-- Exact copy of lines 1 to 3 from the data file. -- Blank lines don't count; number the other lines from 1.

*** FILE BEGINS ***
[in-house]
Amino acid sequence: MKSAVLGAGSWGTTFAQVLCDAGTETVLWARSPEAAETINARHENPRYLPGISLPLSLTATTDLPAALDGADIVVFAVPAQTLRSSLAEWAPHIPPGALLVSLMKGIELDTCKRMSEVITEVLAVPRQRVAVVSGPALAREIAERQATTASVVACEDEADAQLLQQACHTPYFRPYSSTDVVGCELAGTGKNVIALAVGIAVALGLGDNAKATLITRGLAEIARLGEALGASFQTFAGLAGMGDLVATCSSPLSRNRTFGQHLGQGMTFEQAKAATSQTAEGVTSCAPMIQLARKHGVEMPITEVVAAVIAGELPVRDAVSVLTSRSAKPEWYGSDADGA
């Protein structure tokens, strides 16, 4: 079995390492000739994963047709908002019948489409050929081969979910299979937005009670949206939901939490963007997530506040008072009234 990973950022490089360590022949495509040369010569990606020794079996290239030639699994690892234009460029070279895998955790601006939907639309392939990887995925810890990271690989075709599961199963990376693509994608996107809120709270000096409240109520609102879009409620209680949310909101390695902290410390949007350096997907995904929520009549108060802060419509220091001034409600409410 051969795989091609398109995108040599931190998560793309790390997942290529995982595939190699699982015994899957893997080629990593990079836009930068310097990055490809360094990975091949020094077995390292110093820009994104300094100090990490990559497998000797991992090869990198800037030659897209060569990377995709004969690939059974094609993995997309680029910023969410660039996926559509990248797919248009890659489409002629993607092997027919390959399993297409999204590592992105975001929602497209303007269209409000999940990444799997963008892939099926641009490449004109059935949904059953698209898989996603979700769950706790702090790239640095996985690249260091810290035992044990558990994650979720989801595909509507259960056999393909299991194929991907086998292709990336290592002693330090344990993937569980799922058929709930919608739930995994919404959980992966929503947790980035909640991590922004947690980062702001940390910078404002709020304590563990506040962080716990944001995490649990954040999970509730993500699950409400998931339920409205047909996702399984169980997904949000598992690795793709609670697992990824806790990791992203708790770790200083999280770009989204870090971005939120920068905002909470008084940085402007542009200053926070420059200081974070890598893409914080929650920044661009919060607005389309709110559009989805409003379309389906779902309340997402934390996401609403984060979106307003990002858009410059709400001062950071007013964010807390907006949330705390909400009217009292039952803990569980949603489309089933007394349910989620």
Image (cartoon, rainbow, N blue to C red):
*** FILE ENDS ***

[in-house]
Amino acid sequence: MKSAVLGAGSWGTTFAQVLCDAGTETVLWARSPEAAETINARHENPRYLPGISLPLSLTATTDLPAALDGADIVVFAVPAQTLRSSLAEWAPHIPPGALLVSLMKGIELDTCKRMSEVITEVLAVPRQRVAVVSGPALAREIAERQATTASVVACEDEADAQLLQQACHTPYFRPYSSTDVVGCELAGTGKNVIALAVGIAVALGLGDNAKATLITRGLAEIARLGEALGASFQTFAGLAGMGDLVATCSSPLSRNRTFGQHLGQGMTFEQAKAATSQTAEGVTSCAPMIQLARKHGVEMPITEVVAAVIAGELPVRDAVSVLTSRSAKPEWYGSDADGA
């Protein structure tokens, strides 16, 4: 079995390492000739994963047709908002019948489409050929081969979910299979937005009670949206939901939490963007997530506040008072009234 990973950022490089360590022949495509040369010569990606020794079996290239030639699994690892234009460029070279895998955790601006939907639309392939990887995925810890990271690989075709599961199963990376693509994608996107809120709270000096409240109520609102879009409620209680949310909101390695902290410390949007350096997907995904929520009549108060802060419509220091001034409600409410 051969795989091609398109995108040599931190998560793309790390997942290529995982595939190699699982015994899957893997080629990593990079836009930068310097990055490809360094990975091949020094077995390292110093820009994104300094100090990490990559497998000797991992090869990198800037030659897209060569990377995709004969690939059974094609993995997309680029910023969410660039996926559509990248797919248009890659489409002629993607092997027919390959399993297409999204590592992105975001929602497209303007269209409000999940990444799997963008892939099926641009490449004109059935949904059953698209898989996603979700769950706790702090790239640095996985690249260091810290035992044990558990994650979720989801595909509507259960056999393909299991194929991907086998292709990336290592002693330090344990993937569980799922058929709930919608739930995994919404959980992966929503947790980035909640991590922004947690980062702001940390910078404002709020304590563990506040962080716990944001995490649990954040999970509730993500699950409400998931339920409205047909996702399984169980997904949000598992690795793709609670697992990824806790990791992203708790770790200083999280770009989204870090971005939120920068905002909470008084940085402007542009200053926070420059200081974070890598893409914080929650920044661009919060607005389309709110559009989805409003379309389906779902309340997402934390996401609403984060979106307003990002858009410059709400001062950071007013964010807390907006949330705390909400009217009292039952803990569980949603489309089933007394349910989620």